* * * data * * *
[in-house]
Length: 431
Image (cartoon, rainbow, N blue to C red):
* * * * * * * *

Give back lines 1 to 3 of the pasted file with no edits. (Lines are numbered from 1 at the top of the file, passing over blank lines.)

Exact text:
[in-house]
Length: 431
Image (cartoon, rainbow, N blue to C red):